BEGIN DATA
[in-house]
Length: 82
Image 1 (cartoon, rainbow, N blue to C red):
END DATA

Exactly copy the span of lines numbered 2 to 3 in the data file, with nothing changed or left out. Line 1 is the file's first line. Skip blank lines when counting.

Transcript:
Length: 82
Image 1 (cartoon, rainbow, N blue to C red):